A while ago I found out about some pretty useful tricks that gmail allows you to do with your email address. While talking to some coworkers I was reminded that not everyone is aware of these, so I’d better share.
#1 – Dots Are Optional
Gmail will ignore any dots in the username portion of the email address. For example, the address
email@example.com are the same, mail sent to both addresses will be delivered the the same account. When I created my email address with gmail I used several dots, and over the years it’s gotten to be a bit cumbersome to always type them out (especially on mobile devices) or say it out loud to people. It’s nice to know that I cam just omit them completely and everything will still work the same. You can also go the other way with it of course. If your email has no dots and you think dots are mega-rad, go ahead and start telling people your email address with added dots; it’s really the exact same anyways!
Do keep in mind though that whatever address you signed up with, you will still need to use that to log in to google services with. It must match exactly, dots and all.
#2 – Add Whatever You Want After A Plus
Another optional character is the
+ sign in the username portion. If your email is, again,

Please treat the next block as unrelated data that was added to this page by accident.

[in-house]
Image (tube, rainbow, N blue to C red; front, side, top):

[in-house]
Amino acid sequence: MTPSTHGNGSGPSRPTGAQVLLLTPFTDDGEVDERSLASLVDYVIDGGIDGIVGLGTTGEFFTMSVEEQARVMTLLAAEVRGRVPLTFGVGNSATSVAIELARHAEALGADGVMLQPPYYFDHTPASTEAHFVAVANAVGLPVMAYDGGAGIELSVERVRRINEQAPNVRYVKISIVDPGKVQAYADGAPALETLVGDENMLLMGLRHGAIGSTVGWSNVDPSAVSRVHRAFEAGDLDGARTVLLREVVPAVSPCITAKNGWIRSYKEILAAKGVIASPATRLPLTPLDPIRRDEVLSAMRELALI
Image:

firstname.lastname@example.org, the address
joeshmo+ICanAddWhateverIWantHere@gmail.com is completely valid as well. It will be delivered to you like normal, just like the trick above with optional dots. But how is this useful?
I use this as a way of keeping track of who has my email address. When I sign up for some new service I usually add the domain or company name after the plus sign. If I’m signing up for a somewhat-sketchy looking site (let’s say it’s called SketchCo) I’ll tell them my email address is
email@example.com. Now whenever I receive an email to this address that is not a SketchCo email, I know exactly who sold my email to a list!
This can also be used with the powerful rules and labels features in gmail. You could add a label on any email that comes in sent to a specific variation on your own email address. I personally don’t use it in this way, but it would be incredibly easy to do so. Unfortunately, some sign up forms on websites do not treat the
+ symbol as a valid character in an email address, even though it totally is valid. When this is the case, you just won’t be able to use this trick on these sites.
So, what have we learned? Now we know that when using gmail, the email addresses
b.i.l.l.c.o.s.b.y+JelloPudding.KodakFilm@gmail.com are actually the same email address. It’s a little crazy, but it can be pretty useful if you know the tricks!